Thursday, 26 May 2016

A Certain Ratio - Early (2002)

I felt a bit sorry for A Certain Ratio being more or less reduced to a joke about fake tan in Michael Winterbottom's otherwise fine 24 Hour Party People, not least because any conversation banging on about the eternally seeping talent fistula of the Manchester music scene will almost certainly neglect A Certain Ratio whilst singing the praises of crappier entities who flogged more records; although it turns out that Martin Moscrop was musical supervisor for the film, so maybe that was just how it looked to me. I gather A Certain Ratio used to slap on the fake tan before taking the stage back in the early days. I assume it was simply an exercise in generating some distance between themselves and the ruthlessly pasty punky new wave environment of the time.

I don't for a second believe there was really anything inherently racist about punk or new wave at the end of the seventies, even if it was mostly a white thing, but at the same time it seems potentially significant that bands such as Skrewdriver were able to shift ideological gear without actually sounding any different; and then of course it occasionally seemed like there might be a bit of a subtext to the traditional punky hatred of disco. Anyway, I can see why A Certain Ratio might have felt inclined to get away from that, and from - I suppose - pale grey audiences of Joy Division fans crying into their chips. Never mind all that there's always been a dance element to our music, man bollocks, A Certain Ratio were a big, funky disco act which just happened to have emerged from the north of England rather than some New York club, and they were a big, funky disco act long before it was cool, and way before Cabaret Voltaire started slapping that bass whilst mumbling about James Brown. In fact, so far as I can tell, you might legitimately trace most of England's eighties white soul back to this lot, which probably means that Blue Rondo a la Turk and Spandau Ballet were sort of their fault, but never mind.

The thing which set them apart from many others was an understanding of their limitations and a willingness to work around them, which is why you might not even immediately recognise that sound as belonging to a big, funky disco act - because this is actual soul, dance, disco or whatever the hell you want to call it, rather than a bunch of white guys engaged in a Kenny Everett impersonation with unconvincing handclaps and whoops of get on up in a phoney American accent. At the same time, of course it's an experiment - as I suppose might seem implicit from the Eno reference in the name - but one with which they were fully engaged, as should be any musician doing anything other than just going through the motions and making the right noises; and this is why you get oddities like the misleadingly named All Night Party - as sunless an entity as ever was and which at least saves us the trouble of bothering to own Bauhaus records. Sometimes the horns don't quite get there, sounding like the brass equivalent of one of those school bands all sawing away on their strings, but the spirit of the enterprise as a whole keeps it together.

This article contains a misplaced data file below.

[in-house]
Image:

I'd say this band were magnificent but of course they're still going in some form or other, so I suppose the past tense is misleading, being a specific reference to the material collected on these two discs. With hindsight, this version of A Certain Ratio might represent the raw seam of sweaty goodness which others tapped for eventual transformation into all that was horrible, slick, devoid of soul, and gratifyingly annoying to Morrissey in the eighties. A Certain Ratio was what all those really shit bands were supposed to sound like, but they just didn't have what it takes.

Wednesday, 18 May 2016

Sneaker Pimps - Becoming X (1996)

Whilst I suppose it shows a certain sense of discernment to avoid letting oneself be swept along by the latest thing - which is why I never gave a shit about the Arctic Monkeys, for example - one probably shouldn't take it too far, refusing to listen to certain things purely on the grounds of their being new. This came out twenty years ago so is only new in a geological sense, but it's taken me that long to overcome my misgivings. This region of the nineties was, for me, characterised by lazy trip hop shite, an almost-genre to which I objected for numerous reasons.

Firstly, trip hop was sort of what myself and at least a few other cassette types had been doing in our own quiet way since the previous decade, and yet no music paper ever sent anyone around to suck my dick. I would have remembered something like that.

Secondly, it all sounded a bit too much like rooms full of students wearing jumpers with holes in, staring at each other's shoes, noshing hob nobs and rolling up the four millionth fat one of the day as preface to yet another telling of the hilarious anecdote about when they fed the dog some gear and, like, got it really blitzed, and hey - check it out, some well crucial sounds on this one, my man...

Thirdly, once you've heard one record with a squeaky voiced girl singing helium blues over a slowed down drum track, just how much more of the same fucking thing do you really need? Maybe it was just one record, but it seemed like all of them to me.

...and Sneaker Pimps always sounded like it was trying just a bit too hard, a name somehow redolent of stoned white kids quoting Samuel L. Jackson's lines from Pulp Fiction at each other whilst partaking, if you know what I'm saying, dude...

Well anyway, they broke down my resolve when Armand van Helden worked Spin Spin Sugar into one of the greatest garage tunes of all time, in my estimation, so when I saw this album for a few measly dollars I thought what the fuck - how bad could it really be?